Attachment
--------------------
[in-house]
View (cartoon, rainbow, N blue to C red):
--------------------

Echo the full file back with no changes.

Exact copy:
[in-house]
View (cartoon, rainbow, N blue to C red):